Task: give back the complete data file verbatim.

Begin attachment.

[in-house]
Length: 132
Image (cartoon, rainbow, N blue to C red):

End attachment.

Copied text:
[in-house]
Length: 132
Image (cartoon, rainbow, N blue to C red):